And after all, it is no insignificant achievement to telegraph an aesthetic. A Giannini show for Gucci is ultimately a Gucci show. A Prada shirt, like a Prada catwalk presentation (or a Prada shoe), is consistently weird and off-kilter and consistently nothing else. The jazzed up (and highly Anglicized) geek-wear Prada showed could have come from no other designer. Designer may be the wrong word in this context, since the show was more of a characteristic essay in styling, a play on proportions and binaries like serious/playful, boy/man, rich/poor, beautiful/ugly.
This territory at Prada is well trod. The designer was much quoted this week saying that the point of fashion, after all, is the perfect shirt. Maybe she misspoke and meant to say the perfect shoe. As the models stomped by wearing lug-soled clodhoppers, the sound one heard was not exactly footfall so much as the beautiful and imaginary music of a cash register going ka-ching.
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It is challenging in a way to account for the English influence here. Yes, there was the Jubilee year. Yes, there is a residual glow from a successful Olympics. Yes, this is an insecure time when people are stampeding to embrace conservative and traditional values.
Yet one's sense is that, as much as anything, the westward orientation in Milan results from national insecurity. The Made in Italy initiative that was for a while an obsession mainly fizzled out. Miuccia Prada, by miles the smartest designer now working, understood early that label nationalism was a go-nowhere proposition. What did it matter if a label said "Made in Italy" if most consumers today cannot find Italy on a map? (It was Prada who introduced labels in her clothes that read "Made in China.")
What is disappointing about this to anyone who hopes to understand this astounding country is that, in fact, there is a special and surpassing quality to Italian goods. There are still mills in Italy capable of producing the technical innovations on view at Missoni. There are still craftspeople — like those at work in a demonstration staged by Tod's, the luxury leather-goods house, in an Apple-like glass cube installed in the garden of the 1930s Villa Necchi Campiglio — capable of tanning and finishing leather in a fashion that exists nowhere else in the world.
True, the shoes they were making start at 1,000 euros (about $1,330 at current rates of exchange.) Yet compared with so many so-called luxury goods products, often fabricated from ordinary materials in countries where workers earn $2 a day, Tod's shoes have an inherent value. They conform to the precept that governed clothes and fittings made for the original luxury goods consumers, members of the carriage trade. They are durable. When they wear out, you can take them back to be repaired.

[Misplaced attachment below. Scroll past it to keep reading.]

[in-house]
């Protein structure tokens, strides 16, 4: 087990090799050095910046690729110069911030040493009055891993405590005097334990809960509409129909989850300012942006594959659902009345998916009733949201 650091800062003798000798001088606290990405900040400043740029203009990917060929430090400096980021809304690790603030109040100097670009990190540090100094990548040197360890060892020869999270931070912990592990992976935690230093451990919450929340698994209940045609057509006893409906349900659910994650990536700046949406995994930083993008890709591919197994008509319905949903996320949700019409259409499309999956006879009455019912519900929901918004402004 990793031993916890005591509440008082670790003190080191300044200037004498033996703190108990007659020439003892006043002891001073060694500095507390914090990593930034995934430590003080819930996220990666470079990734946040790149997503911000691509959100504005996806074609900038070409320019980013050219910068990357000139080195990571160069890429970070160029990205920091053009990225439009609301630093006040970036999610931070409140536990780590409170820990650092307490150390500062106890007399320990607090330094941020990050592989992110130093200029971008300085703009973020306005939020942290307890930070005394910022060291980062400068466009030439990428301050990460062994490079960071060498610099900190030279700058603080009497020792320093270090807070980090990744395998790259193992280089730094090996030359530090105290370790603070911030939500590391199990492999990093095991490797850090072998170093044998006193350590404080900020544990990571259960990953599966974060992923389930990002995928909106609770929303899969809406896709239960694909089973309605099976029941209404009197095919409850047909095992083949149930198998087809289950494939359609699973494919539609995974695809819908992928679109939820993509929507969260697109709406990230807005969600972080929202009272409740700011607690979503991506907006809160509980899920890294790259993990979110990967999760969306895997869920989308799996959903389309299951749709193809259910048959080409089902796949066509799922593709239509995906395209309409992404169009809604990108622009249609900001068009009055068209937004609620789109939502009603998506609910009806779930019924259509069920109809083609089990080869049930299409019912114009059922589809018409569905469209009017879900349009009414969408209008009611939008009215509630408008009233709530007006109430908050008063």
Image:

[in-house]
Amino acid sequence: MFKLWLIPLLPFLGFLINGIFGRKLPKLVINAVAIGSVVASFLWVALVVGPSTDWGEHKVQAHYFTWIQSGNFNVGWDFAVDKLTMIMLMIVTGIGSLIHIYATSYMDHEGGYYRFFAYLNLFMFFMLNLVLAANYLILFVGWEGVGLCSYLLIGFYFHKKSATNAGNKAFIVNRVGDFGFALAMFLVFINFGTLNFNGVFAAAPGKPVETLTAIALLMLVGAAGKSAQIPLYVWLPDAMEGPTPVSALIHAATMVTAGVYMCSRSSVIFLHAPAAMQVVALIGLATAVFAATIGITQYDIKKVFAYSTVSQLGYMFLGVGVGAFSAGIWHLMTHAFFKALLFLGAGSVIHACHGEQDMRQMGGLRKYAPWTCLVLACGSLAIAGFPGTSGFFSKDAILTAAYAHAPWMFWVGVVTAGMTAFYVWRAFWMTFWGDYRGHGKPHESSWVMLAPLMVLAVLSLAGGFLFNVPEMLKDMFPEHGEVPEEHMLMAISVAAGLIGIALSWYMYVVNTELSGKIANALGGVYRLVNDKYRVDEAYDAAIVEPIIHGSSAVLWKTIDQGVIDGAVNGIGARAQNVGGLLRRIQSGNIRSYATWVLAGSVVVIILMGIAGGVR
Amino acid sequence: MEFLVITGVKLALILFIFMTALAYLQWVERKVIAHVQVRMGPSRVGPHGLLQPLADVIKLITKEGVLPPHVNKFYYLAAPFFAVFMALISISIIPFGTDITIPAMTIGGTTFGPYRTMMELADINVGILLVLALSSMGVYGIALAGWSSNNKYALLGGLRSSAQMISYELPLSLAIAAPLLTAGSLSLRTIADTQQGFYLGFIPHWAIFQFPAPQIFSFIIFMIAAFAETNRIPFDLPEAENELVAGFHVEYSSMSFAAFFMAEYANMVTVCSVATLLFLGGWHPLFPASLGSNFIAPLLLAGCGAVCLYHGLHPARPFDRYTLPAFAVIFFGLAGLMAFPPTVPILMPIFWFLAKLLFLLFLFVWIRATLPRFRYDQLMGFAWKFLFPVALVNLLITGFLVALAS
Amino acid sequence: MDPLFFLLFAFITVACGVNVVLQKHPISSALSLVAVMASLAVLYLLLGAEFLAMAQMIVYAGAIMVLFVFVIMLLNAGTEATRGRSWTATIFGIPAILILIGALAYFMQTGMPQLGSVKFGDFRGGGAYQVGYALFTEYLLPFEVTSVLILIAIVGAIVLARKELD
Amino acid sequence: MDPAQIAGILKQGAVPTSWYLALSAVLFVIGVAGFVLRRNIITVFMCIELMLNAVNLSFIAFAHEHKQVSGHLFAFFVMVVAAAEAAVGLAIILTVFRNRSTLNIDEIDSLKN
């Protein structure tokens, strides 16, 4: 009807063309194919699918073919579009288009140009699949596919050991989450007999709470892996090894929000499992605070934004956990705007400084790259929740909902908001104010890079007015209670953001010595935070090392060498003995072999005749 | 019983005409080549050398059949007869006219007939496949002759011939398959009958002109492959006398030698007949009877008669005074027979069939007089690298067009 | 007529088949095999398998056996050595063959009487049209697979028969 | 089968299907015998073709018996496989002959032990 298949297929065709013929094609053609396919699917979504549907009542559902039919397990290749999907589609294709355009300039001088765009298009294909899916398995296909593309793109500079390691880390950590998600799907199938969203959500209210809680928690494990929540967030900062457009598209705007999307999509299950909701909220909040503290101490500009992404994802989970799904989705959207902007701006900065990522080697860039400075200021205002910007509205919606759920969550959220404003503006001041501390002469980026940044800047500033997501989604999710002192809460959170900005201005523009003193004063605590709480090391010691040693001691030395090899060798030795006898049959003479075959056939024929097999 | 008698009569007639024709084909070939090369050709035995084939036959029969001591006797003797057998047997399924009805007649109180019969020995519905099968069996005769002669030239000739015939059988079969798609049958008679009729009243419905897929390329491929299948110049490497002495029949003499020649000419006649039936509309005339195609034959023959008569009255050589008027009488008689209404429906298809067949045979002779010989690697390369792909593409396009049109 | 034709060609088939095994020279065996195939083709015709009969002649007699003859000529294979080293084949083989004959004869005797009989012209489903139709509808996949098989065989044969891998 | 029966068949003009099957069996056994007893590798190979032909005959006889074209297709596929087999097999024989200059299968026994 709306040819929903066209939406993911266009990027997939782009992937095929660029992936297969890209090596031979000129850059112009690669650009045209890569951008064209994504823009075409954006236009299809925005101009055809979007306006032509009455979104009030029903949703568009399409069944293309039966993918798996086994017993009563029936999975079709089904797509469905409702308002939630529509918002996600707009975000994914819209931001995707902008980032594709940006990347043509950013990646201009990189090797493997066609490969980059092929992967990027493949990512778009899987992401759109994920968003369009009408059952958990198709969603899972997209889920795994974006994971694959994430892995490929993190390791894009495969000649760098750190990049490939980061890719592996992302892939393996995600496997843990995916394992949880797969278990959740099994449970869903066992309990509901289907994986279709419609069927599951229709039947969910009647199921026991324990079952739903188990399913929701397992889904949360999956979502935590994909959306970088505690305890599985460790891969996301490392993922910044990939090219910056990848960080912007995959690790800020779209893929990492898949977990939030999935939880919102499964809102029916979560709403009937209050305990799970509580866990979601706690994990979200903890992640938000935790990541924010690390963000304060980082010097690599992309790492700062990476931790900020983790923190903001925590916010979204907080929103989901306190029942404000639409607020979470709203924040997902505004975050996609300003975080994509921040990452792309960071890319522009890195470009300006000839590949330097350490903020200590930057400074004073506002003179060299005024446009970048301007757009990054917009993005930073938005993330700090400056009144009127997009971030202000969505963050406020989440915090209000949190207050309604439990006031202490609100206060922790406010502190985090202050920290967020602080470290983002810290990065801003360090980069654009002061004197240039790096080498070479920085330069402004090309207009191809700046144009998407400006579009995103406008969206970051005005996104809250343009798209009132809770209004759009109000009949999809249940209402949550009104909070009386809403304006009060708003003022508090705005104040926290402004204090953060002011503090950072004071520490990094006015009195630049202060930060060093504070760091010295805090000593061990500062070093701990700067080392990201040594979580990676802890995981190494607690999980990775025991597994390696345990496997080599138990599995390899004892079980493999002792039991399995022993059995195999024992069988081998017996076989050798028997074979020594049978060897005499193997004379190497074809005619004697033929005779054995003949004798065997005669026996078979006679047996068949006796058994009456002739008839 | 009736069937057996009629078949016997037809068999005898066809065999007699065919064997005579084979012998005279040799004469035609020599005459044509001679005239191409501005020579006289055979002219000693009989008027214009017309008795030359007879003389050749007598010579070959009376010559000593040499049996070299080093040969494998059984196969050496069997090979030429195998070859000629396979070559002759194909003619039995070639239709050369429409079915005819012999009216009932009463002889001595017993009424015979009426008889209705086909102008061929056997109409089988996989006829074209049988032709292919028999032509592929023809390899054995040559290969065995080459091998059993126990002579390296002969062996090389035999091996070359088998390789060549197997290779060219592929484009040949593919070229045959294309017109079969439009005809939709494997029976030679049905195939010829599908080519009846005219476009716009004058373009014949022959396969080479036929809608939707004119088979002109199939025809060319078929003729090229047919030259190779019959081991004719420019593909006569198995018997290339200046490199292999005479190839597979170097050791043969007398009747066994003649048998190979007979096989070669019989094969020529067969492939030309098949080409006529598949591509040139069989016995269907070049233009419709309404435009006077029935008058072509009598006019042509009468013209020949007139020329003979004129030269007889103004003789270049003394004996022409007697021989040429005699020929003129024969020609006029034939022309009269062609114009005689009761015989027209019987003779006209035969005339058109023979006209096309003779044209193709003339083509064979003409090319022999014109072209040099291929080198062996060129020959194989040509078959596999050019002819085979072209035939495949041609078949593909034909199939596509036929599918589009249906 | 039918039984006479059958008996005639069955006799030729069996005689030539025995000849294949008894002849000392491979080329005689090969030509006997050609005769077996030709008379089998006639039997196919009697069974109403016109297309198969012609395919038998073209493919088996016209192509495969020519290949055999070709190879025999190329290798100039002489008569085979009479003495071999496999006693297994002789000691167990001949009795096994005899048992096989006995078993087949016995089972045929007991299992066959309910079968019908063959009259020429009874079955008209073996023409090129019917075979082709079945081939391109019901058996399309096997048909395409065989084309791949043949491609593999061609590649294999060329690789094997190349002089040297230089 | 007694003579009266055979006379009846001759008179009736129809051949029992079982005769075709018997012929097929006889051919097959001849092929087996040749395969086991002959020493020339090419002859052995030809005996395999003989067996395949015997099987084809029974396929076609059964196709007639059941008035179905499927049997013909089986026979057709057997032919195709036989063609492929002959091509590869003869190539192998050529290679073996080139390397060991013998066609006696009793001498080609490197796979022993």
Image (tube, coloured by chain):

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Durability, of garments but also ideas, would seem to be a preoccupation of the three most interesting forces showing this season. For Neil Barrett, the purity and precision of the Bauhaus informed the design. The color blocking, the odd materials (fur, mohair, astrakhan, rubber), the bonded and seamless structure produced by this descendant of English master tailors placed him squarely in the company of those who treat clothing the male body as an engineering project. His knack for proportion, his strict palette (white, black, tobacco, a multitude of blues), his ability to anticipate trend (he came early to the oversize volumes everyone copied this season) make him, more than ever, a designer to watch.
The same can be said of Italo Zucchelli, creative director of Calvin Klein menswear, and another designer influenced by the Modernists. Like Barrett, Zucchelli hones shape, streamlines form, experiments with technology to achieve deceptively simple effects. A sweatshirt in his hands is a lightweight bonded suit of armor. A suit is a climate-controlled security system. Masculinity is seldom in question. He has done the thinking for you and will keep your image safe from gender blur.
First among equals, Jil Sander may represent greatness in this particular design trinity. Sander, in her return to her label, has set about restoring not only a business but an image of contemporary adult masculinity. After years in the wilderness of prolonged adolescence and a wasteland of Casual Fridays, contemporary men are in need of some guidance. The case for aping English gentlemen of an earlier era was made by many designers this week, though not by Sander. More than anyone else in the business, she takes the hardheaded view that the past is the past.